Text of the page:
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A cloud services provider (CSP) offers different data center offerings and products to businesses and individuals as services they can use via the internet. Paying a CSP for the use of services as needed relieves businesses from having to build and maintain their own infrastructure and download, patch, upgrade and secure all of the software they want to use. The CSP hosts the software and services from its own data center and customers access the services through network connections.

Popular services available in this model include Infrastructure as a Service (IaaS), Software as a Service (SaaS) and Platform as a Service (PaaS). Customers can pay for these services on a subscription basis, and it is very easy to increase capacity as needed. The CSP ensures that the software is kept updated and patched, and will typically offer a choice of plans that specify different levels of service (such as 99.99% uptime) in the service level agreement.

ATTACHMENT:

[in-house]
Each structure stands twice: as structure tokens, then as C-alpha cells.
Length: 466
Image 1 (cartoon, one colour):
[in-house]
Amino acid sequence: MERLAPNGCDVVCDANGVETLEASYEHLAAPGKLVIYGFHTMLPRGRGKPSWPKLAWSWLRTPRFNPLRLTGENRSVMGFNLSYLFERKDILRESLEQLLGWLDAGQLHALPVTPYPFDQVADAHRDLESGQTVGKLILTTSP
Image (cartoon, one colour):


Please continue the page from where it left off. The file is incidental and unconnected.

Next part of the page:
There are many different CSPs to choose from, but the three dominant providers today are Amazon Web Services (AWS), Microsoft Azure, and the Google Cloud Platform. Many other services besides IaaS, SaaS and PaaS are emerging from these and other CSPs. The term XaaS has been coined to mean Anything as a Service, and recognizes the large number of technologies and products that are now being offered by CSPs as services over the internet versus on-site within a business’s own data center. For example, Artificial Intelligence as a Service (AIaas), Disaster Recovery as a Service (DraaS), Malware as a Service (MaaS), Communications as Service (CaaS,) and Network as a Service (NaaS) offerings are readily available from a number of CSPs.